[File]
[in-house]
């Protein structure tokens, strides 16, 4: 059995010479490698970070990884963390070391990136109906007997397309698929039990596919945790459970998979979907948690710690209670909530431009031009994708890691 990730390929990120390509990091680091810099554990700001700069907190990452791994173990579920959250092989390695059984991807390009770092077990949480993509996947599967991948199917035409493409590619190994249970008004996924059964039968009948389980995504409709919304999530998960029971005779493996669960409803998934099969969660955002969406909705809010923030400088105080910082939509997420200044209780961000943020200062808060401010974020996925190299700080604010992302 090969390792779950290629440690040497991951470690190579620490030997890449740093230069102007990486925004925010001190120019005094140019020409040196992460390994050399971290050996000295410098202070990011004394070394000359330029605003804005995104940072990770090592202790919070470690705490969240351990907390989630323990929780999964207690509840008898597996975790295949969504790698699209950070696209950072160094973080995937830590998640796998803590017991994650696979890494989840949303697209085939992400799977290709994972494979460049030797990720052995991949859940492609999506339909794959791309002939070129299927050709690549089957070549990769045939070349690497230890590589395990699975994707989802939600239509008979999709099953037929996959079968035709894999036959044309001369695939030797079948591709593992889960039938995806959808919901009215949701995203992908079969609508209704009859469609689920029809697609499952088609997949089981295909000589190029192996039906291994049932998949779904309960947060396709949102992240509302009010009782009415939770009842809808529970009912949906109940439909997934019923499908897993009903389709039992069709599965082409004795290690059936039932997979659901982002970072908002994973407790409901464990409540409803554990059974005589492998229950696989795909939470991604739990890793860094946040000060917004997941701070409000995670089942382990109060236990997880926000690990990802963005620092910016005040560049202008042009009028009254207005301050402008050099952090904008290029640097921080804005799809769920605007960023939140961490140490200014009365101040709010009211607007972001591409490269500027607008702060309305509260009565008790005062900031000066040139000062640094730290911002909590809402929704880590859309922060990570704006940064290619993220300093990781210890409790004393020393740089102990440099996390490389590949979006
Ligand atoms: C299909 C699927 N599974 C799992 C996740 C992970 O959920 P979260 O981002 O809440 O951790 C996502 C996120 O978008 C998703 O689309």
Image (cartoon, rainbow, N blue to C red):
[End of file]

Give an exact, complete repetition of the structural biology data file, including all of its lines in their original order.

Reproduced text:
[in-house]
């Protein structure tokens, strides 16, 4: 059995010479490698970070990884963390070391990136109906007997397309698929039990596919945790459970998979979907948690710690209670909530431009031009994708890691 990730390929990120390509990091680091810099554990700001700069907190990452791994173990579920959250092989390695059984991807390009770092077990949480993509996947599967991948199917035409493409590619190994249970008004996924059964039968009948389980995504409709919304999530998960029971005779493996669960409803998934099969969660955002969406909705809010923030400088105080910082939509997420200044209780961000943020200062808060401010974020996925190299700080604010992302 090969390792779950290629440690040497991951470690190579620490030997890449740093230069102007990486925004925010001190120019005094140019020409040196992460390994050399971290050996000295410098202070990011004394070394000359330029605003804005995104940072990770090592202790919070470690705490969240351990907390989630323990929780999964207690509840008898597996975790295949969504790698699209950070696209950072160094973080995937830590998640796998803590017991994650696979890494989840949303697209085939992400799977290709994972494979460049030797990720052995991949859940492609999506339909794959791309002939070129299927050709690549089957070549990769045939070349690497230890590589395990699975994707989802939600239509008979999709099953037929996959079968035709894999036959044309001369695939030797079948591709593992889960039938995806959808919901009215949701995203992908079969609508209704009859469609689920029809697609499952088609997949089981295909000589190029192996039906291994049932998949779904309960947060396709949102992240509302009010009782009415939770009842809808529970009912949906109940439909997934019923499908897993009903389709039992069709599965082409004795290690059936039932997979659901982002970072908002994973407790409901464990409540409803554990059974005589492998229950696989795909939470991604739990890793860094946040000060917004997941701070409000995670089942382990109060236990997880926000690990990802963005620092910016005040560049202008042009009028009254207005301050402008050099952090904008290029640097921080804005799809769920605007960023939140961490140490200014009365101040709010009211607007972001591409490269500027607008702060309305509260009565008790005062900031000066040139000062640094730290911002909590809402929704880590859309922060990570704006940064290619993220300093990781210890409790004393020393740089102990440099996390490389590949979006
Ligand atoms: C299909 C699927 N599974 C799992 C996740 C992970 O959920 P979260 O981002 O809440 O951790 C996502 C996120 O978008 C998703 O689309």
Image (cartoon, rainbow, N blue to C red):